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Catalan separatist trial: Defense says prosecutors are “twisting” the facts

Ex-parliament speaker and civil society leader are being criminalized for exercising their constitutional rights, say attorneys in closing arguments at the Spanish Supreme Court

Marina Roig, the defense lawyer for Jordi Cuixart, at the Supreme Court.
Marina Roig, the defense lawyer for Jordi Cuixart, at the Supreme Court.

Defense lawyers for two Catalan separatist leaders on trial at Spain’s Supreme Court on Wednesday accused prosecutors of “twisting” the facts in order to make it look like their clients engaged in rebellion, a crime that entails long prison terms.

In their closing arguments, lawyers for Carme Forcadell, a former Catalan parliament speaker, and for Jordi Cuixart, president of a pro-independence association called Òmnium, challenged the prosecution’s views that their clients actively promoted a rebellion against the Spanish state.

The point here has been to exaggerate or magnify Ms Forcadell’s conduct at all times

Defense lawyer Olga Arderiu

Both are facing up to 17 years in jail if found guilty of leading a failed uprising in October 2017, when a separatist government organized an outlawed referendum and later held a parliamentary vote that led to an independence declaration, triggering action by Madrid that suspended the region’s powers of self-government until early June 2018.

“The point here has been to exaggerate or magnify Ms Forcadell’s conduct at all times,” said her lawyer Olga Arderiu, claiming that her client is on trial for who she is, rather than for what she did.

Defendants on day two of the trial at the Supreme Court.
Defendants on day two of the trial at the Supreme Court. EFE

Prosecutors, who delivered their own closing arguments last week, hold that Forcadell and Cuixart were key to sustaining two main pillars of the rebellion attempt: action inside the Catalan parliament and by civil society.

Under Forcadell, the chamber passed breakaway laws that enabled the referendum to take place and paved the way for a future Catalan republic. The parliament also held a session declaring independence despite protests from the opposition and warnings from the Constitutional Court.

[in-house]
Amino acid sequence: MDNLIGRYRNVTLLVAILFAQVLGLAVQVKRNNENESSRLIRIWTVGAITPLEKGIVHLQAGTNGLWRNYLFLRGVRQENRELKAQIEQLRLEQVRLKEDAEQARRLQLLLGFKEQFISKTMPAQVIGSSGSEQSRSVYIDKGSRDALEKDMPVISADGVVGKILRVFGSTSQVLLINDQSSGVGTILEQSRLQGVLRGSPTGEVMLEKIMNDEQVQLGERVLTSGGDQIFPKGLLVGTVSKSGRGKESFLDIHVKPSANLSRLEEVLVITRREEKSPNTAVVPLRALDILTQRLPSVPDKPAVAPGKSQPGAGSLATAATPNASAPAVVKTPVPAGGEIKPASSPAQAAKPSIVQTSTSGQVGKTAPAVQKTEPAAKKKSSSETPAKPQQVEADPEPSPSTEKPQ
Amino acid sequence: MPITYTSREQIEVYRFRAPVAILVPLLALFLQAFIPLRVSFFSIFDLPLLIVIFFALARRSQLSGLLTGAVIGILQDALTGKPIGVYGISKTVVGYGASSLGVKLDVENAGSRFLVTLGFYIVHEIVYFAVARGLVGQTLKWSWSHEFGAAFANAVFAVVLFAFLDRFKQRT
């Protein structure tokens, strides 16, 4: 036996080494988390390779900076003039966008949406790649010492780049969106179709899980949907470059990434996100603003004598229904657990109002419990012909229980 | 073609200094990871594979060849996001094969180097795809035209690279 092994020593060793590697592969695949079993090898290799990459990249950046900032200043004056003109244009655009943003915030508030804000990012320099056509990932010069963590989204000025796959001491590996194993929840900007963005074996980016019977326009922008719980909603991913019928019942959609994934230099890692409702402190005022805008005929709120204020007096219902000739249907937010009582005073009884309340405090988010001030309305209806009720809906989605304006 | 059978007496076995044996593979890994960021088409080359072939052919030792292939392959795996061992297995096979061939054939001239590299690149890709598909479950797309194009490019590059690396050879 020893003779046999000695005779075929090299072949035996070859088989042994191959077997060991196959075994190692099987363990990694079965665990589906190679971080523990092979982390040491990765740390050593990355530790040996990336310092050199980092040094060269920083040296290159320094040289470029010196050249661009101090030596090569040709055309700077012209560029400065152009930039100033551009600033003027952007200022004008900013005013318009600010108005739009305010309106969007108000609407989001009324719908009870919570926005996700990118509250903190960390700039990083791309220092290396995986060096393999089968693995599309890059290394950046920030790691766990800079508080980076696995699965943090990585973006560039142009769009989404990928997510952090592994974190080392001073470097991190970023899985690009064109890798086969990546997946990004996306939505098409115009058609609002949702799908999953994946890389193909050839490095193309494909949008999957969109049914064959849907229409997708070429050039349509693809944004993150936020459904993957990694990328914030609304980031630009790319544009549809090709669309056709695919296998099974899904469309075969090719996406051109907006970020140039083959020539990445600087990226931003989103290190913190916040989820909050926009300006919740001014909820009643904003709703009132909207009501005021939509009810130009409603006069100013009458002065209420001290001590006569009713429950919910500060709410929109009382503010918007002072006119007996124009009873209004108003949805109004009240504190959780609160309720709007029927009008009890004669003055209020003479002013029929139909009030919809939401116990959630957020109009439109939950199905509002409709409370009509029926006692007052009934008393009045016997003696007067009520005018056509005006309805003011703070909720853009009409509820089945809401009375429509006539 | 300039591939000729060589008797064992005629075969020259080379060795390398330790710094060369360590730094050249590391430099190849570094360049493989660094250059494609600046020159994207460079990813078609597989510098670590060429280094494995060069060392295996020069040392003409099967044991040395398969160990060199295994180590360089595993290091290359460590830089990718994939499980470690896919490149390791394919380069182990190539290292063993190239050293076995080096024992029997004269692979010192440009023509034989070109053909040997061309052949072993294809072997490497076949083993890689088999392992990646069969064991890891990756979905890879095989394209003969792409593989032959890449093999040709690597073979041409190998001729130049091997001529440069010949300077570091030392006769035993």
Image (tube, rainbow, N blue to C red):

Olga Arderiu, defense lawyer for Carme Forcadell, in court on Wednesday.
Olga Arderiu, defense lawyer for Carme Forcadell, in court on Wednesday. EFE

Cuixart is accused of mobilizing pro-independence citizens to stage street protests in order to create social pressure. More specifically, he has been probed for his role in a large demonstration outside the Catalan economy department in September 2017 that resulted in vandalized police cars and other alleged acts of violence. The rebellion charge hinges on the existence or not of violence.

Forcadell’s lawyer sought to minimize her responsibility for parliamentary procedures, saying that she “respected parliamentary regulations and the rights of parliament members” at all times, despite adverse reports by the chamber’s legal counsel and complaints by the opposition that their rights were being trampled by using the chamber for illegal acts.

There is no Constitution without a democracy, no democracy without citizen participation, or collective participation without the material conditions to facilitate it

Defense lawyer Marina Roig

Cuixart’s lawyer, Marina Roig, insisted that her client is being criminalized for ideological reasons, and tried for exercising his constitutionally protected right of assembly, right to demonstrate, and freedom of expression.

“There is no Constitution without a democracy, no democracy without citizen participation, or collective participation without the material conditions to facilitate it,” said Roig. “You cannot weigh protecting the unity of Spain against the exercise of fundamental rights.”

Described as the most important trial to take place in Spain since the restoration of democracy in the late 1970s, the court case has lasted four months while a panel of seven justices heard testimony from around 400 witnesses. On Tuesday, lawyers for former deputy Catalan premier Oriol Junqueras and other independence leaders delivered their own closing arguments and denied the accusations of rebellion, sedition and misuse of public funds in connection with the failed secession bid of October 2017, saying instead that it was an act of disobedience. A verdict is expected sometime in the fall.

English version by Susana Urra.

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